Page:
“I was once a fan of wind power, because it seemed to be free. But it’s not. It takes a lot of expensive machinery to extract useful power from the wind. And once turbines are up and running, they’re not reliable.
“Because you cannot store electricity for any length of time without huge cost, wind farms need backing up by fossil-fuel power stations. This makes wind even more expensive…
“As a source of energy, wind is so weak that to generate any meaningful electricity output you need three 20-tonne carbon-fibre blades—each nearly the length of a football pitch—turning a 300-tonne generator atop a gigantic steel tower set in reinforced concrete. Hundreds of these monsters are required to produce as much electricity as one small gas-powered plant. In terms of land covered, wind takes 700 times as much space to generate the same energy that one low-rise shale gas pad can.
“It is not as if wind turbines are good for the environment. They kill thousands of birds and bats every year, often rare eagles on land and soaring gannets at sea. If you were even to disturb a bat when adding a conservatory, you could end up in jail. The wind turbines are also near impossible to recycle, with the rare earth metals such as neodymium that are vital for the magnets inside most of their generators coming from polluted mines in China.”
In India Development Review, Luis Miranda, co-founder, Indian School of Public Policy, writes about sustainable nonprofits. There is a myth that to be sustainable, an organisation has to be for-profit. Miranda disabuses of this notion by sharing a conversation with a friend where he points out that the Catholic Church, a nonprofit, has been around for 2,000 years. He goes on to share a number of examples of how social entrepreneurs can meet their different needs while being a nonprofit.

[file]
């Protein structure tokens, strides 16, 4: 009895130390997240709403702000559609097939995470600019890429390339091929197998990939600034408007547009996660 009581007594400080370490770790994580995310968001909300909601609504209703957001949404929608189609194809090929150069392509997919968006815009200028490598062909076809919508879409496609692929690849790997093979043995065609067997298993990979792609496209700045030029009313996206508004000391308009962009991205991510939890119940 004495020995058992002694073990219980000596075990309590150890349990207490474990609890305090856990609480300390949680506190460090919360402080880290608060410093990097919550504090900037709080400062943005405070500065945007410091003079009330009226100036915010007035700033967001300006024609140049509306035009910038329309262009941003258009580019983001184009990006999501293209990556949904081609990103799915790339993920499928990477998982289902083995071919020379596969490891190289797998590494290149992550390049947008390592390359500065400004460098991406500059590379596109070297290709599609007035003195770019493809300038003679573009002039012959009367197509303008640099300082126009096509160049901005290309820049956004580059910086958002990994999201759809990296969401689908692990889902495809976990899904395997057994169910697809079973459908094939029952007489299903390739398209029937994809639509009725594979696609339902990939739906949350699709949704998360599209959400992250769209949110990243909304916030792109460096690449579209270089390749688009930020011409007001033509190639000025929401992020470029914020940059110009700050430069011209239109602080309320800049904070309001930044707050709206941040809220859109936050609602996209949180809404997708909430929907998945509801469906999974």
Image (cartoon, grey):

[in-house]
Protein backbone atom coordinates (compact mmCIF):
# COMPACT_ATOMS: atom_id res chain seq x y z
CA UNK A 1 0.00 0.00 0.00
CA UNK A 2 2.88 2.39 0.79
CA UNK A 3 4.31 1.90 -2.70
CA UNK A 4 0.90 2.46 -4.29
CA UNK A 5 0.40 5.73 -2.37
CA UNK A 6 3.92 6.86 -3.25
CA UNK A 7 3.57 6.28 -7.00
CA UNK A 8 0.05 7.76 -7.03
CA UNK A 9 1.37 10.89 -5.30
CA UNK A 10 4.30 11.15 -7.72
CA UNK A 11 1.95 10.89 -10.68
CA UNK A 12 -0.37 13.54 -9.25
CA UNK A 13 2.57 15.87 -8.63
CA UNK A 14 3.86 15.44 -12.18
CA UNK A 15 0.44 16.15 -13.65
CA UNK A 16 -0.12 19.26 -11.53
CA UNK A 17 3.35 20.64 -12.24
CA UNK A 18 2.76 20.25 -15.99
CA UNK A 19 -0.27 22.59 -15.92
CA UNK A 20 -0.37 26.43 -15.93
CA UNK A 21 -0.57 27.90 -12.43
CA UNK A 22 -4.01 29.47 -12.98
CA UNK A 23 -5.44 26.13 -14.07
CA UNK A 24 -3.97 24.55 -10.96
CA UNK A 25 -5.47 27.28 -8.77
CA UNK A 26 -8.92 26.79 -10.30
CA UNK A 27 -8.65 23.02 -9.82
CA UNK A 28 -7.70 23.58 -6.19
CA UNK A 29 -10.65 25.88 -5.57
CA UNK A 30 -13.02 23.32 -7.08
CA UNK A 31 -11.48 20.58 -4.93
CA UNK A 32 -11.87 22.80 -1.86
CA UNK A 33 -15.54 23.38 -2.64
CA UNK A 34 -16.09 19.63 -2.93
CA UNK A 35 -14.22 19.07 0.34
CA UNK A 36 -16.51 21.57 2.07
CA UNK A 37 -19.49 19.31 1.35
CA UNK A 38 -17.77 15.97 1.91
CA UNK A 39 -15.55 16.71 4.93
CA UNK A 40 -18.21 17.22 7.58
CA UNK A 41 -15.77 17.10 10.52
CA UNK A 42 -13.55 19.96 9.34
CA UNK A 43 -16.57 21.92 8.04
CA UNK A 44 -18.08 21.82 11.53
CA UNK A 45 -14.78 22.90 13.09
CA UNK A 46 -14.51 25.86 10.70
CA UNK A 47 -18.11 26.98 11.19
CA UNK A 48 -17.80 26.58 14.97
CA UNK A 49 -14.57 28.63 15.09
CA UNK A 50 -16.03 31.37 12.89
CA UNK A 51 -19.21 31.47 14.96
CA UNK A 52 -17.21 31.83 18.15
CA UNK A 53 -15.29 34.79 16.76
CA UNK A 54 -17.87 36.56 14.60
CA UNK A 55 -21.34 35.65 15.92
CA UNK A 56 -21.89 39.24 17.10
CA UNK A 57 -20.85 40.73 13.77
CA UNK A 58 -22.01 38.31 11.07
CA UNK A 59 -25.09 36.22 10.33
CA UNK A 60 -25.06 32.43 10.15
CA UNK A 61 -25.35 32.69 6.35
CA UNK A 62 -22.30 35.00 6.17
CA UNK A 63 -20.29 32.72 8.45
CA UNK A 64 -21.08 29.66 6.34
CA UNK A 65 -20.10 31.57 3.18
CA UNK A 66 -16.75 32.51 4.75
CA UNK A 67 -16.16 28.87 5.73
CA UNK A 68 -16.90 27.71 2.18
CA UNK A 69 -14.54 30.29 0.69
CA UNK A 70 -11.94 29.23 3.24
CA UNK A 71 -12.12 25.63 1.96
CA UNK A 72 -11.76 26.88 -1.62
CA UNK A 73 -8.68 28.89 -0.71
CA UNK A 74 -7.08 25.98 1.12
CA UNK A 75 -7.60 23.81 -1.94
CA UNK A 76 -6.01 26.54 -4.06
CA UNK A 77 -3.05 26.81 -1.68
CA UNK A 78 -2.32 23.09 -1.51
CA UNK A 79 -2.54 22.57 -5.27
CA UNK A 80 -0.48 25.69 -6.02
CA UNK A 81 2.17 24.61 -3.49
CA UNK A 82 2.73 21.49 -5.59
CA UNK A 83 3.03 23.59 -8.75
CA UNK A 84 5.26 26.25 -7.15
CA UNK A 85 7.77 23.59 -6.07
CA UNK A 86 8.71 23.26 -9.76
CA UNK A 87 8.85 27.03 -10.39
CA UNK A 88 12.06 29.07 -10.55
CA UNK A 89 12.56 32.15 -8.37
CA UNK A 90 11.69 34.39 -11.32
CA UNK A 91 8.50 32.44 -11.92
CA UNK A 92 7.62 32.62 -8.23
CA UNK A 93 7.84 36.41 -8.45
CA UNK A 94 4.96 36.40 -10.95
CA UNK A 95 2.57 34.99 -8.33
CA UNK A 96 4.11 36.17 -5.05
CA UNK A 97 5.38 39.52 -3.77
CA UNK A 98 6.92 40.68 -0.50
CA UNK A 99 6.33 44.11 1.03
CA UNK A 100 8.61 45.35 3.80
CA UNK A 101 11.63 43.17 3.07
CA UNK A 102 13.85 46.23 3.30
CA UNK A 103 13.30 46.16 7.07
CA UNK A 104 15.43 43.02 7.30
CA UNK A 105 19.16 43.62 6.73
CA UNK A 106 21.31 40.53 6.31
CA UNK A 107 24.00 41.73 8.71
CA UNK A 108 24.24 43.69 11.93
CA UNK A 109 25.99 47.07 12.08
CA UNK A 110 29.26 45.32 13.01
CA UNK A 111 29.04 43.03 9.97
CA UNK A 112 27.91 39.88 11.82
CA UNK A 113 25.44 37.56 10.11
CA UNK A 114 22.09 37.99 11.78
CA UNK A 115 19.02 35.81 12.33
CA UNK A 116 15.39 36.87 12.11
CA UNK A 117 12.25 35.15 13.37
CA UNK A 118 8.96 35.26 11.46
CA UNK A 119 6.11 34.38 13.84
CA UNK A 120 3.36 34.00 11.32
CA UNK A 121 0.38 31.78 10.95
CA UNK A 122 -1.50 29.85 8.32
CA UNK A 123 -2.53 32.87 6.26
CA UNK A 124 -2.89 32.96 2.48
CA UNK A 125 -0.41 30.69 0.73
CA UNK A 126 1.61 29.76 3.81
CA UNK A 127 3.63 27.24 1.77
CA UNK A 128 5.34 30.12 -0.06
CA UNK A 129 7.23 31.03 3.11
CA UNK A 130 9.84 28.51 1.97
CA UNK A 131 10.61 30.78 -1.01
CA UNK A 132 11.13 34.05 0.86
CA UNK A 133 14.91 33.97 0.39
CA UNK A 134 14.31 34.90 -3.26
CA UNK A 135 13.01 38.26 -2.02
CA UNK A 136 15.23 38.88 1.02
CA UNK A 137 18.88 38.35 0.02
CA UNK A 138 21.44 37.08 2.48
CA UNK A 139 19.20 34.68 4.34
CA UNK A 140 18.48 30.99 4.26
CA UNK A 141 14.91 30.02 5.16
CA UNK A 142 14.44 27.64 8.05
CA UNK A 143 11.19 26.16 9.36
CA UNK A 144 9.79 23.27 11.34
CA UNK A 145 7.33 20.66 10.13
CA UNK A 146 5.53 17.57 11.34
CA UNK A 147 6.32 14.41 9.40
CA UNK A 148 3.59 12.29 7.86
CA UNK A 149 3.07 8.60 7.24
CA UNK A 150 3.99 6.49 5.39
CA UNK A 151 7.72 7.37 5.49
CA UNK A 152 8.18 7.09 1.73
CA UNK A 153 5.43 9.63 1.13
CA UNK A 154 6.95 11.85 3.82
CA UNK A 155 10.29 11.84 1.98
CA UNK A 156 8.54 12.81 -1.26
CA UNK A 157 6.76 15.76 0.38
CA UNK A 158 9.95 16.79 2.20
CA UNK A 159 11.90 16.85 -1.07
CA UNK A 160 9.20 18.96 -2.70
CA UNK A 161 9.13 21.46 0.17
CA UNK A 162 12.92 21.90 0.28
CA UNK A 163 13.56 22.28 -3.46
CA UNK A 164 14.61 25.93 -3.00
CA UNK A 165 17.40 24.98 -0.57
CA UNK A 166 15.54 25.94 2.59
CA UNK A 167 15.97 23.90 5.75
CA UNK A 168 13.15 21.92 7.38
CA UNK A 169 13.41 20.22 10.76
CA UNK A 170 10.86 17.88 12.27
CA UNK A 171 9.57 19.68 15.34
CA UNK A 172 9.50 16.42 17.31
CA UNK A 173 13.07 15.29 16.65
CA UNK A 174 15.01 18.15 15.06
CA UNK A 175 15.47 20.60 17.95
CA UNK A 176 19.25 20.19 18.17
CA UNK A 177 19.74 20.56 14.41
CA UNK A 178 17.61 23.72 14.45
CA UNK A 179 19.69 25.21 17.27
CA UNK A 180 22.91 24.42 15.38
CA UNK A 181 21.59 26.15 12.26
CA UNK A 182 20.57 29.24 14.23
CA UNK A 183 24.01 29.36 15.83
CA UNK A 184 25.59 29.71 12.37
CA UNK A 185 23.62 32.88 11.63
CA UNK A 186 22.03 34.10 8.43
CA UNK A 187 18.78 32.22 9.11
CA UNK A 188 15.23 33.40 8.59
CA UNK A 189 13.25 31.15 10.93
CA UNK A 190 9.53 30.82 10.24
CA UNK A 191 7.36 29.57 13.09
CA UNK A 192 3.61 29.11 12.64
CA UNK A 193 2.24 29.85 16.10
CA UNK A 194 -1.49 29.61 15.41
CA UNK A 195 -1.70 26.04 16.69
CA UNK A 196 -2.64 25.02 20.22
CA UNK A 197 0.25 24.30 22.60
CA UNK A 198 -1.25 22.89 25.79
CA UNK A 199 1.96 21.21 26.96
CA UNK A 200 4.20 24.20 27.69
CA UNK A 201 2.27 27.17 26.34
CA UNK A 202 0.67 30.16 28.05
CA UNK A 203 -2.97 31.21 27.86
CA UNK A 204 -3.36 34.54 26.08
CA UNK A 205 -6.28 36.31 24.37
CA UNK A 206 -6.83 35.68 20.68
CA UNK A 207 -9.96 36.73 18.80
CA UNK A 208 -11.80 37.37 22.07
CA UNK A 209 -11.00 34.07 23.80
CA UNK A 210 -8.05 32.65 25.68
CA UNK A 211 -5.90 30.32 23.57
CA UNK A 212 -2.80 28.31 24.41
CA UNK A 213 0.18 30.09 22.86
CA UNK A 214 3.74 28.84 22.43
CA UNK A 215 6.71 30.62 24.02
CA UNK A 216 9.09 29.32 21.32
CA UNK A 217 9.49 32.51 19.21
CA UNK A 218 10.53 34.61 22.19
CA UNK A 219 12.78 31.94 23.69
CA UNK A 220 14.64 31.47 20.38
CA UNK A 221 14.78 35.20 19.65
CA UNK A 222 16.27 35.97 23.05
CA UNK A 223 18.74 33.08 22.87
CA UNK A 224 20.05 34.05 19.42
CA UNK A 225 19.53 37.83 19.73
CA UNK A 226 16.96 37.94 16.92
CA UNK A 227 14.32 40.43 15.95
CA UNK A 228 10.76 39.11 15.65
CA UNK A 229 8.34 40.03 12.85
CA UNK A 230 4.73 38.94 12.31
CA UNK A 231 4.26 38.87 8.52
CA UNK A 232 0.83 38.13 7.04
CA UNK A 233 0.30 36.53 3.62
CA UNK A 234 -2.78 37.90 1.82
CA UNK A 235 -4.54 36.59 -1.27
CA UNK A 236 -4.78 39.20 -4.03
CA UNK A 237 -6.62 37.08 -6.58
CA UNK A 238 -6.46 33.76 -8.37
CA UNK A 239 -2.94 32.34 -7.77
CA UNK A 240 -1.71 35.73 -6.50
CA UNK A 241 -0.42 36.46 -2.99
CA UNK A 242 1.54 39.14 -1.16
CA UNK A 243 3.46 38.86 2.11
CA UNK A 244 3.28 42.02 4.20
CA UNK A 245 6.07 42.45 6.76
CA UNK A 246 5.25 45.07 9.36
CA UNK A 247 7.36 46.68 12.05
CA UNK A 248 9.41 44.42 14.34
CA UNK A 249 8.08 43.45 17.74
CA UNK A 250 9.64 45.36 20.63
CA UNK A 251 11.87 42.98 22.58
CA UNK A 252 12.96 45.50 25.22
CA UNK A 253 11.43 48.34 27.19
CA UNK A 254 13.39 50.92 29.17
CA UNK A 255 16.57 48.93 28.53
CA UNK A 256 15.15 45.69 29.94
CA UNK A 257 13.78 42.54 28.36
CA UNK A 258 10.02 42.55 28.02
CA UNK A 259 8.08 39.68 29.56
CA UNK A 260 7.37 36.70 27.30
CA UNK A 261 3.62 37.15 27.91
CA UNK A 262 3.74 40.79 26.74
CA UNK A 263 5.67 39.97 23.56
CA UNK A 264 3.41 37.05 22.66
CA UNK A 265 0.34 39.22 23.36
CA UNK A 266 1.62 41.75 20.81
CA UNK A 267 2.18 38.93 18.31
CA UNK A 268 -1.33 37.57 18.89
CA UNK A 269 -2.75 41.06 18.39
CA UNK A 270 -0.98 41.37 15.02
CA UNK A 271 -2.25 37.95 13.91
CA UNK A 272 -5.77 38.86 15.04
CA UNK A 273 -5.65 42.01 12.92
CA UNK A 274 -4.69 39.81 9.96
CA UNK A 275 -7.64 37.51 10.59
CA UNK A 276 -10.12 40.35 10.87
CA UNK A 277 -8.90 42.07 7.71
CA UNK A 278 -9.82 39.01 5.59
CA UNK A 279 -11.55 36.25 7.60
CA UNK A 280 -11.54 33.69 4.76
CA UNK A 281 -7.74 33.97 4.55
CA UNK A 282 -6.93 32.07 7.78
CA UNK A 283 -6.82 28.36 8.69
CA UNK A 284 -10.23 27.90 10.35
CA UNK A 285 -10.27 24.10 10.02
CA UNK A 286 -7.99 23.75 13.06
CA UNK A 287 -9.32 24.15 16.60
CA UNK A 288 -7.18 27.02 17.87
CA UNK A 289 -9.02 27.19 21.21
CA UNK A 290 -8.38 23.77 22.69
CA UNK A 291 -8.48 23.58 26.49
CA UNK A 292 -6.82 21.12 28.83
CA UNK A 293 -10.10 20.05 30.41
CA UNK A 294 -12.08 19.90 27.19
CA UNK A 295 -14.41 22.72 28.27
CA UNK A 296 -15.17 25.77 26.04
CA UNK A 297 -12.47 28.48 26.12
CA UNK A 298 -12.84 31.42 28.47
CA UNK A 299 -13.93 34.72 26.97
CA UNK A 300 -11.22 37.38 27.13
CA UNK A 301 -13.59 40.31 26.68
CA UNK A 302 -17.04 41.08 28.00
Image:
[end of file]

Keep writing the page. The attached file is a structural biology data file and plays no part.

Towards the end comes a deeply thought provoking part—the social impact of VCs and startups. Miranda writes:
“It is also worrying to see social entrepreneurs get caught up in the stories of venture capitalists and smart bankers about how there is a fortune to be made at the bottom of the pyramid. I recently attended a well-structured presentation on impact investing. The presenter spoke about one investment with a targeted return of 25 percent. I do not see how that can be achieved if the communities they serve were to get a fair share of the revenues. Clearly, the corporate entity would be gouging a significant share of the profits and the communities creating the product would continue to be exploited. In contrast, I recall the amazing transparency of an organisation (whose name I can no longer remember) that sold handmade products online. Every product had a detailed break-up of the selling price, indicating what the artisan made and what was spent on each part of the supply chain.”
Hope keeps us alive